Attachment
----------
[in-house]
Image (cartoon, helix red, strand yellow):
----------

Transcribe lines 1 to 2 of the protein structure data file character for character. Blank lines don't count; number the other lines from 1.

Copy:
[in-house]
Image (cartoon, helix red, strand yellow):